The district court may not deny a motion to compel arbitration unless there is a genuine issue of fact of whether the parties agreed to arbitrate.
Customer agreed to a debt reduction program with a debt negotiation service. Customer received an initial package of documents via email, but a dispute arose whether or not the account agreement, which contained the arbitration clause, was in the package of documents or received after the customer signed the other documents.
The district court denied the motion to compel arbitration because it determined that there was sufficient evidence to establish that the customer received the account agreement with the arbitration clause after her initial receipt of the package of documents, so the customer did not agree to arbitration. The Third Circuit vacated the denial and remanded the case to the district court because there was no genuine issue of fact whether the parties intended to arbitrate.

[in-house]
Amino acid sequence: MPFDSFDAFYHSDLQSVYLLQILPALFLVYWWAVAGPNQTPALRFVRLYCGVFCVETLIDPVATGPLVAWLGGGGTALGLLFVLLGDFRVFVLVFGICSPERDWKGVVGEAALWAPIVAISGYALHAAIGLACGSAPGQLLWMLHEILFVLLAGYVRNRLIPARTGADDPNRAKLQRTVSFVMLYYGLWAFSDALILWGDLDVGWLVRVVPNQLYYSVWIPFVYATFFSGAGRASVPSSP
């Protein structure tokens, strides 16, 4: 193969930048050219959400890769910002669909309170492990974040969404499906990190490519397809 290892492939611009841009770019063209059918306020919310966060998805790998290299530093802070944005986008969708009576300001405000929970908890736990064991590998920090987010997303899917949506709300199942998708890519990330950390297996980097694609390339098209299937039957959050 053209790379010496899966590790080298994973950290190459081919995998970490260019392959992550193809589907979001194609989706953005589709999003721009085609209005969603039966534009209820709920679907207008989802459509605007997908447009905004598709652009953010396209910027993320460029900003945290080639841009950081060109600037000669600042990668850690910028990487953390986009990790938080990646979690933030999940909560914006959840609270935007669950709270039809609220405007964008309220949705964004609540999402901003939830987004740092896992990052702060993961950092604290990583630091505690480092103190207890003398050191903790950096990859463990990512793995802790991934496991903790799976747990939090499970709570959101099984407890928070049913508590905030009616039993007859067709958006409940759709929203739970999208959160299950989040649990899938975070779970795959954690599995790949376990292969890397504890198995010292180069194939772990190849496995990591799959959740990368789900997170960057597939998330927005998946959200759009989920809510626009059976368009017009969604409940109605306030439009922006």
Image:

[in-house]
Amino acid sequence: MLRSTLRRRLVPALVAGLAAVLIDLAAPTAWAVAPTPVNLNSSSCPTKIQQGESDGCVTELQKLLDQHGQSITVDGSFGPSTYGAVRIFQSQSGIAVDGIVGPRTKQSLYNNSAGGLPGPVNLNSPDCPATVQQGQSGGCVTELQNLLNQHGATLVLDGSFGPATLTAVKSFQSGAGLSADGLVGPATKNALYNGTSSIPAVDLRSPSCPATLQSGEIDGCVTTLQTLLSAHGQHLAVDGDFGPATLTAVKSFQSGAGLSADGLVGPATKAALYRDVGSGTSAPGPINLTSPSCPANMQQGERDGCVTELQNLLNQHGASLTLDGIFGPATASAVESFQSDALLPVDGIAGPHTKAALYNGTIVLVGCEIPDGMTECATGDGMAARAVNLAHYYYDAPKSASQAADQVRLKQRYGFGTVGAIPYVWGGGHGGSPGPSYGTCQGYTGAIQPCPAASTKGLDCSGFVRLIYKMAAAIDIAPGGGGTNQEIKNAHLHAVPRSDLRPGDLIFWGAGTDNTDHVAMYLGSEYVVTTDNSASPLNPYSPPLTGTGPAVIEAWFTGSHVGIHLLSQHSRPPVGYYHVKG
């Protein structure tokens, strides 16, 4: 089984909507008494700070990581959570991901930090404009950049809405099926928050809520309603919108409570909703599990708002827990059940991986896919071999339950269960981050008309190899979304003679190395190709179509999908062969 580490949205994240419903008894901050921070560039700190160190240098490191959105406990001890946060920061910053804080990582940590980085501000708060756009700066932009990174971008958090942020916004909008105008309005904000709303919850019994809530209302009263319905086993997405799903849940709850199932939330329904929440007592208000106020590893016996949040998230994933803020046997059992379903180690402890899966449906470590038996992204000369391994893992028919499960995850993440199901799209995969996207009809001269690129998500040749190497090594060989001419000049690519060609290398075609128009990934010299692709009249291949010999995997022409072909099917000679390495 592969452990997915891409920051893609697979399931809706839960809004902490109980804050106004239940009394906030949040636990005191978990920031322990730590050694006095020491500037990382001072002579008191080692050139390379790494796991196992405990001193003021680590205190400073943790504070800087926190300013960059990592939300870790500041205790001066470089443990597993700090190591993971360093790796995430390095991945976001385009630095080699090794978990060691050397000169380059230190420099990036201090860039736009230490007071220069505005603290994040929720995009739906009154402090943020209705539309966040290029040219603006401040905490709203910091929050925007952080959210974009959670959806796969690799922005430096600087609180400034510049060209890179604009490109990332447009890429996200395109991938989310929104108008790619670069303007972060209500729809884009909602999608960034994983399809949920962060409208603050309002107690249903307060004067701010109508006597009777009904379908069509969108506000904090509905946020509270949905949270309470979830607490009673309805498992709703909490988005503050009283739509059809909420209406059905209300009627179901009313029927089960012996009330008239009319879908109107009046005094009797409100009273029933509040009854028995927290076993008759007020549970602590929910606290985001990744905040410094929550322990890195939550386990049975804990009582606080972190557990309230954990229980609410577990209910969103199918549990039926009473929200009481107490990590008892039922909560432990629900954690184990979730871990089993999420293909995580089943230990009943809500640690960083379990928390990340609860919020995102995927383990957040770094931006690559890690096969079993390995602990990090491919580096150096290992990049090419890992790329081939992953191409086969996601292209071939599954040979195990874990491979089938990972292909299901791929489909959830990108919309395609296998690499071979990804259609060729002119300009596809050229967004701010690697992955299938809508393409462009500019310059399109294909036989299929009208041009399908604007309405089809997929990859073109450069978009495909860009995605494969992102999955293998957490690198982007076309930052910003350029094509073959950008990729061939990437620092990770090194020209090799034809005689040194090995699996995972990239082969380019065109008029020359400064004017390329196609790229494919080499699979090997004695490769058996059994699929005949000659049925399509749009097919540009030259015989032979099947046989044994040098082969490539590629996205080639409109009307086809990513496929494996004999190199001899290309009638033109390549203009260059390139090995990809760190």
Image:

Citations and References:
a. Par-Knit Mills, Inc. v. Stockbridge Fabrics Co., Ltd., 636 F.3d 51 (3d Cir. 1980) (in the event that the making of the arbitration agreement, which is a matter of contract between the parties, is an issue, then the court shall proceed summarily to the trial of that issue).